1. I can live with your additional facts but don't think they are essential. You analysis is fairly complete and deals with most rules. Only if Blue breaks 16.1 then Green should be exonerated for breaking rule 11 under 64.1(c). Also be specific in your rule numbers. Rule 16 has two rules: 16.1 and 16.2!
      For clarity it is prudent to use a capital letter if you name a boat with its color.
      What is your decision? Stick to the wording as used in the rules.
      Score 7 points.

  17. conclusions
    1) Green windward boat failed to keep clear of blue the leeward boat
    2) Green did not avoid contact when it was reasonably possible to do so
    3) Nick in gel coat did not constitute damage

    Green DSQ for breaking Rule 11,14
    Blue breaks Rule 14 but is not penalized

    1. I'm missing several key conclusions. Rule 17, rule 15? What about rule 16.1?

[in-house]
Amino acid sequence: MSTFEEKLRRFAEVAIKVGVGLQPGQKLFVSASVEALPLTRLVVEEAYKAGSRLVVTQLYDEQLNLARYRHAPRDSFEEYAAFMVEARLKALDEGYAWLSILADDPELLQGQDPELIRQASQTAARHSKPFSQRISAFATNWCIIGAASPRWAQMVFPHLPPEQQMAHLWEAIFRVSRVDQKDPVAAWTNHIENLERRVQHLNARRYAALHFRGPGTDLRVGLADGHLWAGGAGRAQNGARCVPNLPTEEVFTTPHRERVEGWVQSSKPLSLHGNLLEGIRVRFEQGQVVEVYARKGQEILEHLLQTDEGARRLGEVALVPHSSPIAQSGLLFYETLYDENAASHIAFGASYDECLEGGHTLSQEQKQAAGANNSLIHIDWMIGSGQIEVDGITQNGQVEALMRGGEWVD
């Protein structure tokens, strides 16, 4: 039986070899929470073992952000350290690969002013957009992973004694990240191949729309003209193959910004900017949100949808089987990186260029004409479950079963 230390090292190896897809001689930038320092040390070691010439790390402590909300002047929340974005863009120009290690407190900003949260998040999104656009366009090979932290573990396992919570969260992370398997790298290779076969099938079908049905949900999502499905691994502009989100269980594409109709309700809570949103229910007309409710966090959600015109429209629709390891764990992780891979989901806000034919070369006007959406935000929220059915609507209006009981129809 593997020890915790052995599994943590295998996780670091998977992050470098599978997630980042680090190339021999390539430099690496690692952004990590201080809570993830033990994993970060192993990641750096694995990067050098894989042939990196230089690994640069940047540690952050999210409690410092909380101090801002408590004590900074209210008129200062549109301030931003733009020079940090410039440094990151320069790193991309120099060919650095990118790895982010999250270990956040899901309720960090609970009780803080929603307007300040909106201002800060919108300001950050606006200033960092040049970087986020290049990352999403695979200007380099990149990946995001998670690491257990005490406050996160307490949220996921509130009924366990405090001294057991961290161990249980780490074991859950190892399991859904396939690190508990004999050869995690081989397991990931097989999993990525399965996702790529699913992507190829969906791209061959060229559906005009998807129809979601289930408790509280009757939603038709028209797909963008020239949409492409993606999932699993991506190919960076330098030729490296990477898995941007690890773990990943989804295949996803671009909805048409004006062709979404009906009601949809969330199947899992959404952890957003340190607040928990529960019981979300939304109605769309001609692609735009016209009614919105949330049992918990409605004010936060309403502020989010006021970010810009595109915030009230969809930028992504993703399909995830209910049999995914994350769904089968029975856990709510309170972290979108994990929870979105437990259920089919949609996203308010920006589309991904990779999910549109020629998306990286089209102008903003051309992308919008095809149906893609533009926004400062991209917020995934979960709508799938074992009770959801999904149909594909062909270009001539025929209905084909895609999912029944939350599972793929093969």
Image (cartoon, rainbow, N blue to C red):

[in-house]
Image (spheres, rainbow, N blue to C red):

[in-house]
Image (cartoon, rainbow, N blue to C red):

Your conclusion on damage is wrong. A nicked gel coat is damage. Not 'serious' damage, but damage nevertheless. The decision to exonerate Blue is not supported by any conclusion... Have a look at the others and my answer, to see the formatting and how specific you need to be.
      Score 2 points.

  18. My question: Since both boats are over 6 meters, they must fly a red flag. Did Blue fly a red flag to make the protest valid?
    If not, there is no valid protest and neither boat is penalized.

    If what you are looking for is a Part 2 analysis, I would ask:
    After Green went through head to wind, if he had not borne off to close hauled on Port, would there have been a collision?

    My answer: If Yes, then after Blue gained right of way, Blue did not give Green room to keep clear and is penalized. Since Blue gained right of way because of Green's actions, rule 15 does not apply.

    If no, then the collision was caused by Green bearing off on a right of way boat and is penalized under rule 11.

    1. Your second question was relevant and your analysis also. But since you didn't send in the conclusions and decision it's hard for me to score you properly. I'll give you one point for the question.
      Score 1 points.